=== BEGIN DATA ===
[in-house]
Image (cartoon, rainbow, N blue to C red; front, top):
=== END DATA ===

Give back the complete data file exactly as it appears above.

[in-house]
Image (cartoon, rainbow, N blue to C red; front, top):